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Daylight Causes Road Damage

A surprising result in road engineering research: contrary to previous assumptions, visible light contributes to the ageing of bitumen, which can ultimately damage road pavements.

three people in the lab

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Bernhard Hofko, Johannes Mirwald, Kristina Hofer (left to right)

microscope picture

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The microstructure of bitumen as seen through a dark-field microscope: there are light scattering particles directly under the surface

The durability of asphalt depends crucially on bitumen - the black binder that holds the small stones in the asphalt together. As the bitumen ages, it can change its properties and become brittle, eventually causing the asphalt to crack. At TU Wien (Vienna), research is being carried out in the "Christian Doppler Laboratory for Chemo-mechanical Analysis of Bituminous Materials", which was established in 2020, to better understand these processes and make asphalt more durable.

Purely by chance, Johannes Mirwald (Institute of Transportation at TU Wien) has now come across a surprising effect: contrary to what was previously assumed, visible light in the blue and green range can cause bitumen to age more intensively and within a very short time. This light-induced change in bitumen has now been investigated in detail at TU Wien. Solar radiation must definitely be taken into account in future research and in estimates for the life span of roads.

Chance discovery in the laboratory

"The research project started with some strange observations that nobody could explain at first," says Prof. Bernhard Hofko from the Institute of Transportation at TU Wien. "We had bitumen samples lying around in glass containers in the laboratory, and on closer examination we noticed that their surface had changed after a relatively short time."

Such changes might have been expected at high temperatures, but not at room temperature in the lab. Intense UV radiation could also be considered as an explanation for such changes, but the glass actually absorbs most of the UV radiation and only lets the visible part of the sunlight through. "So we decided to take a closer look at this strange phenomenon with special microscopes," says Bernhard Hofko.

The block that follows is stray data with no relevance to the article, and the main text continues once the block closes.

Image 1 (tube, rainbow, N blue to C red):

Bitumen samples were illuminated in a very special way, with different precisely defined light colours, from red with a rather long wavelength to the UV range with short wavelengths. "Until now, it was assumed that the high-energy UV light had the strongest influence on the ageing of bitumen. Visible light was not expected to have any significant effect," says Johannes Mirwald. But the measurements clearly showed: at all the light wavelengths examined, changes in the bitumen surface could already be detected after 15-20 minutes. The strongest effect actually occurs in the UV range, but the effects of visible light are similarly drastic - with an additional maximum in the wavelength range of blue and green light. If the light condition on the earth's surface and the influence of the atmosphere is also taken into account, whereby UV light is attenuated significantly more than blue or green light, it becomes apparent that blue light causes the strongest ageing effect on road surfaces.

Oxidation leads to cracks

The light accelerates the oxidation of the material, and when bitumen oxidises, its mechanical properties change. It becomes stiffer and therefore more susceptible to cracking. "Initially, oxidation under the influence of light only takes place in the top layers of the material – in the outermost micrometres of the bitumen sample," says Johannes Mirwald. "But this is merely the initial spark for a far-reaching effect: small cracks ensure that oxygen can penetrate deeper into the material, stresses develop inside the material, the cracks become deeper and ultimately this can lead to lasting damage to the asphalt."

Until now, ageing experiments with bitumen have mainly been carried out in the dark. This will now change. "Our measurements show: If you want to predict the durability of asphalt, then you definitely have to take solar radiation into account," says Bernhard Hofko. Moreover, where the solar radiation is particularly high, you usually also have to deal with high temperatures, which further intensifies the effect.

"It is an absolutely amazing result that no one had expected - something like this doesn't happen often in research," says Bernhard Hofko. In any case, this new finding will bring about important changes for the science of road engineering.

Original publication

J. Mirwald et al., Impact of UV–Vis light on the oxidation of bitumen in correlation to solar spectral irradiance data, Construction and Building Materials 316, 17 (2021)., opens an external URL in a new window


Prof. Bernhard Hofko
Institute of Transportation
TU Wien
+43 1 58801 23350

Dr. Johannes Mirwald
Institute of Transportation
TU Wien
+43 1 58801 23359